What is the meaning of Africa? Who qualifies to be called an African, and who doesn’t? What is decolonisation in Africa? How many universities in South Africa teach pan Africanism? And, to put it bluntly, who cares about pan Africanism, anyway?
These were some of the questions that academics, researchers and policy-makers grappled with during the Decolonising Knowledge Though Leadership dialogue last month that debated the topic The Meaning of Africa: Theoretical Perspectives, at the University of Johannesburg’s Resolution Centre.
The idea behind the University of Johannesburg Decolonising Knowledge Thought Leadership series is to explore the theoretical readings on the highly contested notions of Pan Africanisation, Post Africanisation and the decolonisation of knowledge. Some of the inferences of these constructs are that African is no longer premised on colour or geography but rather on the process of creolisation. To be African implies, accordingly, associations with the diverse cultures that display common African histories, positions the African identity debate in a global context and asserts that to be African is a cultural construct that is not fixed but influenced by the process of creolisation and in a constant state of flux.
Among the speakers were activist scholar Liepollo Pheko, Dr Godwin Murunga, author Brenda Wambui, novelist Panashe Chigumadzi, human rights lawyer Siphosami Malunga, Professor Simphiwe Sesanti and Professor Nyasha Mboti. Professor Chris Landsberg moderated the dialogue series, while Professor Hillary Beckles, vice-chancellor at the University of the West Indies, delivered a keynote address on the historic relations between Africa and the diaspora, including making a call for reparatory justice for African enslavement and native genocide.
What is the meaning of Africa? In fact, there is more than one meaning of Africa, for the reason that there is more than one Africa. There is the staple Africa of stereotypes, which is the subject of popular fictions, mostly in the media, but also in agnotological scholarship. This is in fact the commonest meaning of Africa that one tends to hear about on a loop: wars, disease, poverty, and so on,” said Professor Mboti.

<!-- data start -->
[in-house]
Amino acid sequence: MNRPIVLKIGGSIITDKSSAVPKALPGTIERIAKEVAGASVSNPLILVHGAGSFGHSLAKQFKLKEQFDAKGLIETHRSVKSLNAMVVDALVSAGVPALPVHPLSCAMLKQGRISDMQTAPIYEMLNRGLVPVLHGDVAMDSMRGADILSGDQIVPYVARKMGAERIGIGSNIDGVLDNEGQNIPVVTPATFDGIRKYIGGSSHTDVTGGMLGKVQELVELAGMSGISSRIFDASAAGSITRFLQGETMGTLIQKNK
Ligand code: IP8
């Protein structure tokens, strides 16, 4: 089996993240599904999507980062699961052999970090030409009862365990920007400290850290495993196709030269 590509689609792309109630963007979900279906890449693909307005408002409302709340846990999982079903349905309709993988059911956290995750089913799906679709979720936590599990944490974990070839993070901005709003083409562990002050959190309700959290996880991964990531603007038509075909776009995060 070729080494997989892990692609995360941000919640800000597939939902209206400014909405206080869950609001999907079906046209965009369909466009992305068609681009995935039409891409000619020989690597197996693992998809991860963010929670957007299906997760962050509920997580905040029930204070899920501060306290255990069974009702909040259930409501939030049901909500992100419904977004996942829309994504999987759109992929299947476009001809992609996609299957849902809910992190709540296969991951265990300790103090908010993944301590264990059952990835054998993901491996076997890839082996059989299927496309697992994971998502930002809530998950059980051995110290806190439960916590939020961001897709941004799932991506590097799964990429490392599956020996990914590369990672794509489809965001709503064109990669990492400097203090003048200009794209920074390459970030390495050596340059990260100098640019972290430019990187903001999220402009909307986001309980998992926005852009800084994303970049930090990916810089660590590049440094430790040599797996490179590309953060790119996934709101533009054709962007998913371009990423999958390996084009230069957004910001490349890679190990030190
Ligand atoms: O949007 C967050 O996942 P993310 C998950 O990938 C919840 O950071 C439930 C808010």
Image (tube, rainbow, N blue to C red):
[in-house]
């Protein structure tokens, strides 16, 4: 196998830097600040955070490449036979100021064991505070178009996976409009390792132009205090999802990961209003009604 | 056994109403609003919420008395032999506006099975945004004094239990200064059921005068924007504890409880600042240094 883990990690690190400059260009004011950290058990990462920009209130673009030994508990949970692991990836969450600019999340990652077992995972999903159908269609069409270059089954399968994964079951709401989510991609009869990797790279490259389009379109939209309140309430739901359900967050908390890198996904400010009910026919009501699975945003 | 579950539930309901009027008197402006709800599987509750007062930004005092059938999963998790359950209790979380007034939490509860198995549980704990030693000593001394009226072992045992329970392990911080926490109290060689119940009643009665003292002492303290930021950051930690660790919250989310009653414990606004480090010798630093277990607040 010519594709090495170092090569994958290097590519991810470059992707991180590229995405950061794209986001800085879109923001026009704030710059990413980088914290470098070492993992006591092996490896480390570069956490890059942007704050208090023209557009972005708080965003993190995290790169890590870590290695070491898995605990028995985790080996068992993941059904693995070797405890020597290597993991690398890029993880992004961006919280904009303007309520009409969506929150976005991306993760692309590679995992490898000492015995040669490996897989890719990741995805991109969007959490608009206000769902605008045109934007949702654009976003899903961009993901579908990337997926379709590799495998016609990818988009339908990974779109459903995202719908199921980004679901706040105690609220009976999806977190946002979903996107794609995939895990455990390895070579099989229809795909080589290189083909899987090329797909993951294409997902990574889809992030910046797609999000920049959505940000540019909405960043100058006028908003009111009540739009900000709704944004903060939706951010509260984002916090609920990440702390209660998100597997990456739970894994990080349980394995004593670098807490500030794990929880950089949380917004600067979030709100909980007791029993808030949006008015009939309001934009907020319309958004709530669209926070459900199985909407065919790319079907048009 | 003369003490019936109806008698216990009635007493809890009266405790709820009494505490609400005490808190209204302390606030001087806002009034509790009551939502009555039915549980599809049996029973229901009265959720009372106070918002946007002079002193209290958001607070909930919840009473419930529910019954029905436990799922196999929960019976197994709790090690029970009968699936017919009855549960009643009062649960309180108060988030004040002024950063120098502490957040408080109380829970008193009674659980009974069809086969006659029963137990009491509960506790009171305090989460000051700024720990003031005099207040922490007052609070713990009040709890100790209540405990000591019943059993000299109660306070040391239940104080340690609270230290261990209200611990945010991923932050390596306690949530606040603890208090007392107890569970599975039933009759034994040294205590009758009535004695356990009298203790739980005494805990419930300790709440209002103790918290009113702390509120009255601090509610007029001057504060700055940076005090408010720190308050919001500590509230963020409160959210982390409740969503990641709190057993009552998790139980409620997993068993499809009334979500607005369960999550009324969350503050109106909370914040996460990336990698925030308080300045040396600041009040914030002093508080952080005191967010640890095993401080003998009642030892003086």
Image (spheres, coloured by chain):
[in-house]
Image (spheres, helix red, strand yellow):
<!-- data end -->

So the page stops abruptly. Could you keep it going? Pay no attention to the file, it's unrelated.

“The problem with this Africa is that it is a convenient fiction, based on how elites invent and imagine the continent – a point so well articulated by VY Mudimbe in The Invention of Africa. This invented Africa is constantly contradicted by the other Africa; however, what I’ll call ordinary Africa: the lived Africa of nine-tenths of African people, which is constantly being made and re-made by ordinary people you do not get to hear about in the media except when they do something that affirms the vile stereotypes. The meaning of Africa is thus either elitist (often racist and/or ignorant and formed from vested interests) or ordinary. Ordinary Africa is perhaps where one needs to be to be in touch with the other Africa: in the townships and the rural areas where most of our people live, love, fight, laugh, create, dance, survive, and die. These are not poor people. Rather, they are simply ‘povertised’ – people deliberately made poor by corporations and governments.”
Pheko, a senior research fellow at research and policy advocacy think tank The Trade Collective, said ‘Afrika’ was not only a geographical locale but “an idea, a constellation of imaginations, multi-vocal and multi-dimensional and trans-locational”.
“Insufficient work has been done to analyse the dichotomy between Afrika as a geographic construct and as trans-locational, global force, carried by people of Afrikan descent through language, music, words, philosophies, fashion, politics , religion, spirituality and so forth, across the world,” said Pheko.
“The unevenness and incompletion of decolonisation can be understood by considering the various roles that colonisers, anticolonial nationalists, and Cold War superpowers played in decolonisation: too often, postcolonial Independence did not bring national liberation and our institutions of higher learning. However, the idea of Afrikanisation is highly contested and may evoke a false or at least a superficial sense of ‘belonging,’ further marginalisation, or it may emphasise relevance. This paper discusses the possibility of Afrikanisation in education and knowledge as an extension of the liberation project. It unpacks the idea of Afrikanisation within higher education in general, examining the rationale behind the calls for Afrikanisation, followed by a discussion on the implications of Afrikanisation for theological education.”